The crucial question thus becomes how far capital can contain what Vincente terms "this plural, multiform constantly mutating intelligence" of mass intellect within its structures. As he observes, it "appears to domesticate general intellect without too much difficulty." But this absorption in fact demands an extraordinary exercise of "supervision and surveillance," involving "complex procedures of attributing rights to know and/or rights of access to knowledge which are at the same time procedures of exclusion":
Good `management' of the processes of knowledge consists of polarising them, of producing success and failure, of integrating legitimating knowledges and disqualifying illegitimate knowledges, that is, ones contrary to the reproduction of capital. It needs individuals who know what they are doing, but only up to a certain point. Capitalist `management'and a whole series of institutions (particularly of education) are trying to limit the usage of knowledges produced and transmitted.
In the name of profitability and immediate results, they are prohibiting connections and relationships that could profoundly modify the structure of the field of knowledge.
The Futur Antérieur group suggests that these structures of exclusion and limitation can become the occasion for new forms of social conflict.
The other field where Futur Antérieur has investigated the contradictions of "general intellect" is that of media and communication. As Vincente puts it, "general intellect" is in fact “a labour of networks and communicative discourse";
In effect, it is not possible to have a "general intellect" without a great variety of polymorphous communications, sequences of communication in the teams and collectivities work, communications to use in a creative fashion the knowledges already accumulated, communications to elaborate and record new knowledges.
Capital has developed technologies of information--mass media, telecommunications, and computer networks--to consolidate markets and ideological control. But here too it has been unable to develop the objective, fixed, machine side of "general intellect" without also involving the subjective, variable, human aspect. Negri specifically rejects media critiques framed only in terms of "manipulation." Although we now inhabit a world where corporate media seem to constitute a vast "machine" which dominates society, there are, he says, spaces on the “inside” of this machine within which new individual and collective subjectivities can emerge.
Nowhere has this been more apparent than in the field of computer-mediated communications. As we have seen, in the development of this extraordinarily powerful technology capital has in fact depended on a mass of informal, innovatory, intellectual activity--'hacking'--on whose creativity commerce constantly draws even as it criminalises it. It was precisely out of capital's inability to contain such activity that there emerged the astounding growth of the Internet. This is surely the quintessential institution of "general intellect." For, despite all the admitted banalities and exclusivities of Internet practice, one at moments glimpses in its global exchanges what seems like the formation of a polycentric, communicatively-connected, collective intelligence. Today, of course capital is trying to recuperate this collective intelligence by channeling it along the information highway, forcing its traffic into the commodified pathways of video-on-demand, teleshopping, tele-gambling, and personalised advertising. It is funneling network interactions into a commercial "interactivity."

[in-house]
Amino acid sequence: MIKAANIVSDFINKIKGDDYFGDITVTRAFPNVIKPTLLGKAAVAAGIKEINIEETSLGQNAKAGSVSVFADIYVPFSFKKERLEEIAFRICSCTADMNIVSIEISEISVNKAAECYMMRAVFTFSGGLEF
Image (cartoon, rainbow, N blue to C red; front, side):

This account of the cycles and circuits of struggle in high-technology capitalism was written in an academic context. It is therefore only appropriate to end by considering what the analysis of “general intellect” might mean for those specifically and particularly intellectual labourers who teach and study at universities. For no site could be more vital to capital’s harnessing of collective intelligence than academia. Over the last twenty-five years, it has been reshaped by an inexorable dialectic. Capitalist industry, mutating into its informational phase, has become more intellectual; Microsoft calls its central production facilities a `campus.' Simultaneously, universities have become more industrial, acting as ancillary research and training facilities for capital's overall project of high-technology development: Academia, Inc.